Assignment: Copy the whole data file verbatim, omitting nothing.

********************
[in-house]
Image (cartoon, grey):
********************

[in-house]
Image (cartoon, grey):